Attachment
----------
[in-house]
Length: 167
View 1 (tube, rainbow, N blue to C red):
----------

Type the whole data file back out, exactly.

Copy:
[in-house]
Length: 167
View 1 (tube, rainbow, N blue to C red):